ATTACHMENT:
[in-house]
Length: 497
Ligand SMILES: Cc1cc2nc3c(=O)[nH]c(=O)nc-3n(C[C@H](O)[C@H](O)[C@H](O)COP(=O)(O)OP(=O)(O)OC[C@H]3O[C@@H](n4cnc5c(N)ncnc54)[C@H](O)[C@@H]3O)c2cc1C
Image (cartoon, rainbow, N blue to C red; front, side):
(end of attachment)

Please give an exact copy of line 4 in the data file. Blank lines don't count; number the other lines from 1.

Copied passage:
Image (cartoon, rainbow, N blue to C red; front, side):